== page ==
Weber: By the way, Edmund’s talking about an environmental impact statement, or EIS—a two-volume report released by the U.S. Air Force that is meant to analyze, “the potential effects on the human and natural environments from the deployment of the Sentinel intercontinental ballistic missile system.” 

This was the report that the Air Force had presented to my reservation—in a different place than it had initially advertised. And in the entire 3,000 pages of the report and its appendices— which cost $33 million to write, by the way —  Sébastien had found that the consequences of a nuclear war that could impact my tribe were kind of glossed over. 

The EIS mentioned the “casualties” and “grave implications” of such a war but they didn’t really go beyond that. 

Here’s Frank again, speaking about the military’s attitudes toward the consequences of war in general.

Von Hippel: They talk about people like your grandmother as being collateral damage. I mean…, they try to desensitize themselves to what the consequences are, what they’re talking about—and, in fact, I remember when I first went over to the Pentagon to talk to people, I learned—the first time I heard this word called “collateral damage,” that is—“We, you know, we didn’t intend to kill your grandmother…. She’s, unfortunately, collateral damage.”

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Weber: Somehow I’m not surprised. But Frank goes on to talk about something else. There’s another word that the U.S. government uses for the scenario in which silos that are close together are targeted by multiple warheads.

Von Hippel: You had to time the two explosions so that the first explosion wouldn’t destroy the other warhead. For that they use the term “fratricide.”

The one warhead destroying another was “fratricide,” and then a warhead destroying people was “collateral damage.”

Weber: Maybe that’s why no one in the Air Force told my people about these risks. But wasn’t it their responsibility to explain and justify their choices in terms of what weapons we need for our national security — and how these choices affect those who need to live with these weapons?

Von Hippel: It is a terrible subject. And we’re lucky that, so far, we have survived this. My grandfather was involved in the Manhattan Project. He would have been surprised as well. So, I hope we can surprise them again by getting rid of these things.

Weber: Maybe there’s something the tribe could do about the silos on its land.

Weber (tape): So, theoretically, could we get rid of the 15 silos that are on the reservation? 

Tomero: In terms of ‘can you just remove those 15?’ I think [that] depends on where they are, how they’re wired into the system, and the devil is in the detail. 

Weber: That’s Leonor again. As I mentioned earlier, she previously served as deputy assistant secretary of defense for nuclear and missile defense policy in the Biden administration. I had also asked her if getting rid of 15 silos on the reservation would make the U.S. less secure.

Tomero: So, again, you have to look at the total amount of silos. There’s 400 total silos, in terms of silos that are on alert, the total amount is 450 silos. And so when look at those 15, of course, you’re looking at 15 out of 400 and 450, so of course that means you’re not losing that leg of the triad–so it’s a relatively small number.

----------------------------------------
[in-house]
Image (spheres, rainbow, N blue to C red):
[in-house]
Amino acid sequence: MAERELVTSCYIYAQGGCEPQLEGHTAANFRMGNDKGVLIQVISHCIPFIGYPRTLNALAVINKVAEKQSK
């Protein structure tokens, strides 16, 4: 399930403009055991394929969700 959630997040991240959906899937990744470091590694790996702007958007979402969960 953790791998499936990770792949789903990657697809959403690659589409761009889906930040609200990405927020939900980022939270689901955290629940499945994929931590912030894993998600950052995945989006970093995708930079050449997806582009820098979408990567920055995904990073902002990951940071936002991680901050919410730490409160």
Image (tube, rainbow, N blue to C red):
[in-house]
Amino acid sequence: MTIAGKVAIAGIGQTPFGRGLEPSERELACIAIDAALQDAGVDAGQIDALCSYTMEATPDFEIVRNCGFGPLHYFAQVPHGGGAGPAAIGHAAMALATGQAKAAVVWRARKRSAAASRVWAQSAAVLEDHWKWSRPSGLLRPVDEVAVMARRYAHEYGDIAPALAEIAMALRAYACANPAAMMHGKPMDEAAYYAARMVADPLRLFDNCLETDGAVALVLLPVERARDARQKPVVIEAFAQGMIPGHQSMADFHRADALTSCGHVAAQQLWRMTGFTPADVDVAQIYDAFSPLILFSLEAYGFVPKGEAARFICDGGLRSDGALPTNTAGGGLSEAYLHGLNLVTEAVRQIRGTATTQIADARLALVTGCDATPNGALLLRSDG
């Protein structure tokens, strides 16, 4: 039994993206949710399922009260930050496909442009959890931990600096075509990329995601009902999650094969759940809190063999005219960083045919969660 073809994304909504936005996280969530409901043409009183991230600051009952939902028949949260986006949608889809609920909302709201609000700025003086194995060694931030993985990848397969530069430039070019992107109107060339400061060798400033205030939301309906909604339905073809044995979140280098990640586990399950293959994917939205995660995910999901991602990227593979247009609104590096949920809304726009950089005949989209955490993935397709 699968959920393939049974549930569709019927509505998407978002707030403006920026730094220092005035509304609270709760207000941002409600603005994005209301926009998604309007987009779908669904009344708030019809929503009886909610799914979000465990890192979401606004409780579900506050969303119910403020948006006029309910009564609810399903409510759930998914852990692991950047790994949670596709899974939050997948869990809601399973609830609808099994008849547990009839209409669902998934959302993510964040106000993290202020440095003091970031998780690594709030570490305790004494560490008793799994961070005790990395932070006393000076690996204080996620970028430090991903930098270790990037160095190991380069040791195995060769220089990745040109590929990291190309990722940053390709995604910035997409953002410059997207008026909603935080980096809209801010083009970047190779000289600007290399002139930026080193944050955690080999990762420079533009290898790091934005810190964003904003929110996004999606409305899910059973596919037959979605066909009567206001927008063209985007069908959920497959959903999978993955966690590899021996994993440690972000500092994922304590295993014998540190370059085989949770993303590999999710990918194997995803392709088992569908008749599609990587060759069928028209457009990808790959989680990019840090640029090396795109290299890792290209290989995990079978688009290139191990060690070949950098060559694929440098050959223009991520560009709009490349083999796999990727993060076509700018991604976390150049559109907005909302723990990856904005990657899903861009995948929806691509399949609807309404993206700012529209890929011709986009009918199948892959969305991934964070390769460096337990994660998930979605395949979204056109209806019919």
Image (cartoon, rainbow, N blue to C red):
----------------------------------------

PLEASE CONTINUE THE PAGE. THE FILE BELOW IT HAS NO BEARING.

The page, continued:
Weber: But there was something else that bothered me: the Air Force’s plan to maintain silos until the 2070s. We had advanced so much technologically in the past 50 years—from the floppy disk to the Internet to the smartphone. Would the silos still hold up?

Tomero: I think, you know, in my thinking about nuclear deterrence, I don’t think we should be reinvesting in fixed ICBMs. They’re not survivable systems.

Weber: Leonor means that our nuclear architecture is pretty old.

Tomero: I think when you’re looking at this, and you think these are going to last into the 2070s, at that point, we’re going to have 100-year-old nuclear architecture, right?  

We’re reinvesting and making sort of—incrementally are modernizing, but it’s an incremental change on an architecture that we decided to deploy in the 1960s. And does that really make sense in terms of keeping nuclear forces into the 2060s, 2070s, where technology has evolved? 

And so we need to, I think, be looking at new concepts for deterrence and be a lot more focused on “How do you introduce stability in nuclear deterrence?” And for me, that means prioritizing resilience and survivability.

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Weber: If anyone could advise the U.S. on resilience and survivability, it would be us: the MHA Nation. And I have a feeling that keeping ICBM silos operating across our land may not be part of our preferred strategy.

In the next and final episode, I go back to the rez and report what I found to my family and members of the tribe. We sit down and discuss: What happens now?

This show was reported by me, Ella Weber, produced by Sébastien Philippe and Tulika Bose. Script editing by Tulika Bose. Post-production design and mixing by Jeff DelViscio. Thanks to special advisor Ryo Morimoto and Jessica Lambert. Music by Epidemic Sound. 

I’m Ella Weber, and this was The Missiles on Our Rez, a special podcast collaboration from Scientific American, Princeton University’s Program on Science and Global Security, Nuclear Princeton, and Columbia Journalism School.